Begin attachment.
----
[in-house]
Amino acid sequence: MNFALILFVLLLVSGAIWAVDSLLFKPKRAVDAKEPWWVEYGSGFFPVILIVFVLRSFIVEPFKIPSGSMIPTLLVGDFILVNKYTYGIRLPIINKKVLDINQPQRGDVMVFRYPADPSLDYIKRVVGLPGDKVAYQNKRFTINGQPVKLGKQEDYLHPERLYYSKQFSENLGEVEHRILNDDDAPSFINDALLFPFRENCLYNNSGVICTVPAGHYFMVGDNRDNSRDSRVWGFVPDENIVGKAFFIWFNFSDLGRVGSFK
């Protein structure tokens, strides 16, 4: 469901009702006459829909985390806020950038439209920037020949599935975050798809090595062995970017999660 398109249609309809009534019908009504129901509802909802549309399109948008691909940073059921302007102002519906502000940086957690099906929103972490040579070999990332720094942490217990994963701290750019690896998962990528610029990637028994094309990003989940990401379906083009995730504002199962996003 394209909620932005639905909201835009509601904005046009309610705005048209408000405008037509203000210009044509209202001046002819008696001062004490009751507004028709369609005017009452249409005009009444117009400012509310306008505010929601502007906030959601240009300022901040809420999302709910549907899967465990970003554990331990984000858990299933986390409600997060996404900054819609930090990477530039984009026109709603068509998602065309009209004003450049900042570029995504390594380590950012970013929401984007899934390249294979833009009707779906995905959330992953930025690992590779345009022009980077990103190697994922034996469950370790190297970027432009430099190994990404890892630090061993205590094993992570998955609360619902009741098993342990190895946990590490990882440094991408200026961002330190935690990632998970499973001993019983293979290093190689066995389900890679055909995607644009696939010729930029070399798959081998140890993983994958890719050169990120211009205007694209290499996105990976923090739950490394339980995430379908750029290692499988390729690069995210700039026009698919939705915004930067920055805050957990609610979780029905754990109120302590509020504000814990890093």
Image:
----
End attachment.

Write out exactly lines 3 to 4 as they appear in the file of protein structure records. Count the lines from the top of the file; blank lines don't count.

């Protein structure tokens, strides 16, 4: 469901009702006459829909985390806020950038439209920037020949599935975050798809090595062995970017999660 398109249609309809009534019908009504129901509802909802549309399109948008691909940073059921302007102002519906502000940086957690099906929103972490040579070999990332720094942490217990994963701290750019690896998962990528610029990637028994094309990003989940990401379906083009995730504002199962996003 394209909620932005639905909201835009509601904005046009309610705005048209408000405008037509203000210009044509209202001046002819008696001062004490009751507004028709369609005017009452249409005009009444117009400012509310306008505010929601502007906030959601240009300022901040809420999302709910549907899967465990970003554990331990984000858990299933986390409600997060996404900054819609930090990477530039984009026109709603068509998602065309009209004003450049900042570029995504390594380590950012970013929401984007899934390249294979833009009707779906995905959330992953930025690992590779345009022009980077990103190697994922034996469950370790190297970027432009430099190994990404890892630090061993205590094993992570998955609360619902009741098993342990190895946990590490990882440094991408200026961002330190935690990632998970499973001993019983293979290093190689066995389900890679055909995607644009696939010729930029070399798959081998140890993983994958890719050169990120211009205007694209290499996105990976923090739950490394339980995430379908750029290692499988390729690069995210700039026009698919939705915004930067920055805050957990609610979780029905754990109120302590509020504000814990890093």
Image: